2001 OPEN FORUM Abstracts
EVALUATION OF A NEWDEMAND OXYGEN CONSERVATION DEVICE IN PATIENTS WITH CHRONIC LUNG DISEASES ATREST AND WITH EXERCISE
Trina Limberg, BS, RRT,Andrew Ries, M.D., M.P.H., Roseann Myers, BS, RN, Lela Prewitt. University ofCalifornia San Diego Medical Center, San Diego CA
Background: Oxygen therapyis an important treatment and has been shown to improve survival in hypoxemicCOPD patients. Due to potential cost savings and portability benefits, demandoxygen systems have increased in use. Previous studies have demonstrated mixedresults of conservation systems during exercise and with activities of dailyliving. We sought to evaluate use of an O2XPRESS pneumatic deviceby comparing it to continuous flow during exercise in pulmonary rehabilitationprogram graduates.
Method: Twenty-one O2dependent patients (18 COPD, 3 Restricted lung disease) with documentedhypoxemia on room air (SaO2 <88% or PaO2 55mmHg) werestudied. All were receiving long term oxygen therapy. During the one visit testing,patients were provided with either a continuous flow nasal cannula or the SalterLabs demand oxygen conserving device (DOCD). Vital signs and oxygen saturationswere assessed at rest and during exercise. While seated, subjects received sequentialflow rates of 1, 2, 3 and 4 LPM of supplemental oxygen, once with continuousflow and once with the DOCD for 5 minute periods. Oximetry was recorded duringthe final 15 seconds of each five minute interval. Then subjects were testedwhile walking on the treadmill based on workload prescriptions determined duringthe previously completed pulmonary rehabilitation program. At UCSD, exercisetraining targets are set to approximate maximum symptom-limited levels reachedduring an initial incremental exercise test. In obstructive patients, supplementaloxygen was delivered sequentially, at 4, 3, 2, and 1 liters per minute duringtreadmill exercise for 3 minutes each. Following each change in flow rate subjectswere required to rest for 10 minutes. Restrictive patients received higher flowrates, sequentially, at 6, 4, 2 and 1 LPM. Ratings of perceived breathlessnessand muscle fatigue were also obtained via the Borg scale at the end of exercise.Assessments were terminated if oxygen saturations fell below 85%. COPD patientswere analyzed in a group while the restrictive patients were studied individually.Repeated measures analysis of variance was used to compare oxygen saturationwith the two methods of continuous flow via nasal cannula and the Salter LabsDOCD. Separate analysis was performed for rest and exercise with paired-t tests.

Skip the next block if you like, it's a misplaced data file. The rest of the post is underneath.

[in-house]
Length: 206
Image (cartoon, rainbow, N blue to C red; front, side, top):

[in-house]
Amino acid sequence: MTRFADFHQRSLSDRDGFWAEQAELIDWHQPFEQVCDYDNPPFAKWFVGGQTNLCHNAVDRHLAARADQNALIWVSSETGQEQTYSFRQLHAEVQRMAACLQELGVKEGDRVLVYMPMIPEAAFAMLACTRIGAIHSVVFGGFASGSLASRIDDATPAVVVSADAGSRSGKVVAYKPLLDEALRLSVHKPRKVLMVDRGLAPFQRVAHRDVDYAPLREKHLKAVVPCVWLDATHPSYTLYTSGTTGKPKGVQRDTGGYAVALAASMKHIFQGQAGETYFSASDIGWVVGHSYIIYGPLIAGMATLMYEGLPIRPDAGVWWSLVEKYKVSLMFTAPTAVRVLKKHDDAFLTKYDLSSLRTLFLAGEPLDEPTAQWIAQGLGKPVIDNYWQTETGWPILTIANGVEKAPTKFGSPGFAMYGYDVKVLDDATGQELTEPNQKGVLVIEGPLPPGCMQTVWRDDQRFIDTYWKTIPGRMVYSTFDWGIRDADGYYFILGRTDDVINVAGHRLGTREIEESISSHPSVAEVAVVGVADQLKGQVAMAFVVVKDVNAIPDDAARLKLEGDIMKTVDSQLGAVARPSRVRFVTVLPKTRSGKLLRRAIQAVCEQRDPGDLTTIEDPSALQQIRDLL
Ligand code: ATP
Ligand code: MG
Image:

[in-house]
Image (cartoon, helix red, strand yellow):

Results: For COPD patients,results showed there was no significant difference in SaO2 at comparableflow rates between the two devices, although with exercise SaO2 wassignificantly (p< 0.05) higher at the lowest flow rate with the DOCD (meanSaO2 91.5% versus 90.2%). SaO2 was higher for the DOCDin 10 patients (range 1-5%), higher for the nasal cannula in 4 (range 1-2%),and equal in 3 subjects. One subject did not exercise on 1 lpm due to a lowSaO2. Overall, there was no significant difference in ratings ofmuscle fatigue or breathlessness. Individual results for restrictive patientsshowed that at rest, the DOCD appeared to produce higher SaO2 inone of three patients. During exercise there did not appear to be any consistentdifference between continuous flow and use of the Salter Labs DCOD.
Conclusions: This pilot studydemonstrated that the Salter Labs DOCD was comparable to continuous flow bynasal cannula at rest and during exercise in patients with chronic lung disease.It is important to note treadmill speeds in some patients were as high as 2.8mph. Previous studies appear to have been conducted at much lower workloads.Since respiratory rates increase with higher workloads it is imperative thatpatients using conservation devices be assessed with exertion.
This study was supported by SalterLabs.